With small coffee farms trending towards more cost-effective production methods, the study implies that the fate of tree diversity in India’s Western Ghats is left in the hands of a relatively few large-scale coffee plantation owners that maintain diverse tree canopies. But the study also found that large plantations tend to use higher levels of herbicides and pesticides, adversely impacting other forms of diversity, such as avians and amphibians. To address these issues, Robbins said that innovative solutions aimed at helping coffee smallholders maintain and encourage tree species diversity are needed.

“As farm labor becomes scarcer and more expensive in India, we will need to work creatively with farmers to find ways for them to make wildlife-friendly decisions in turbulent markets,” said Robbins. “The fate of rare birds and countless other wild taxa will hinge on things like automation, subsidies, and labor migration as much as it does on protected areas, control of poaching, and other conventional conservation concerns.”

Vaishnavi Tripuraneni, a PhD candidate in the Nelson Institute’s Environment and Resources program, worked side-by-side with Robbins throughout the project and is listed as the second author on the study. Her roles included cleaning and analyzing data from the farmer interviews, as well as examining agrarian theory and background research, a significant component of the publication.

Tripuraneni grew up in Hyderabad, the capitol city of Telangana, India, and a neighboring state of the study area. But her interest in rural agrarian livelihoods didn’t develop until she began working with Robbins in 2014. Tripuraneni said that their research reveals the importance of studying the connections between people and the environment.

“Given that we live in a world with declining biodiversity and so much human impact on the environment,” Tripuraneni said, “this study actually is finding that human-managed landscapes can actually protect and preserve biodiversity.”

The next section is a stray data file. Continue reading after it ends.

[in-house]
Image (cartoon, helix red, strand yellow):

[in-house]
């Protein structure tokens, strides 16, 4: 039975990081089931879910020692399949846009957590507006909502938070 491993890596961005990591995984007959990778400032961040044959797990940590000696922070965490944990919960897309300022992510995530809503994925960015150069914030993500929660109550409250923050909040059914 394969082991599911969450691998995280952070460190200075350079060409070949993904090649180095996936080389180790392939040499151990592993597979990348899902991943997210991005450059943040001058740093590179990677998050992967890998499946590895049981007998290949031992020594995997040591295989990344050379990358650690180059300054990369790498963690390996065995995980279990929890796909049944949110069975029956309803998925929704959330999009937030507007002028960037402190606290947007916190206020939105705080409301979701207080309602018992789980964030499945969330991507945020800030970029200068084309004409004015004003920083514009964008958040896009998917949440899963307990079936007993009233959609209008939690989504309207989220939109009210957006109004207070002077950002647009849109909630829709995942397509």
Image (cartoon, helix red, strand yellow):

But the question is, Tripuraneni asks, “Under what conditions can that happen?”

As labor scarcity, rapidly rising labor costs, and urbanization of coffee-producing regions continue to intensify, the study indicates that failure to address these issues could result in long-term impacts on biodiversity in the Western Ghats, and beyond. In response, the study’s authors suggested the need for policy aimed at supporting smallholder farms – policy that will encourage smallholders to manage their farms in ways that help sustain a rich and diverse environmental future.

“If farmers want to have coffee plantations, what kind of policies do we need? What kind of support can they be provided so that how they structure their farms is beneficial for biodiversity?” said Tripuraneni. “We can’t just take people out of the landscape. I think historically we know that leads to other kinds of problems. So, you have to work with the people that are already there, and what they need.”

The study suggests possible solutions including farm wage price supports and subsidies, which would address how the rising cost of labor is influencing farming decisions.

Currently, Tripuraneni is in the process of writing her dissertation, which focuses on smallholder farm debt in southern India. With expected completion in spring 2021, her research explores yet another aspect of how economic forces shape agrarian practices and livelihoods in India.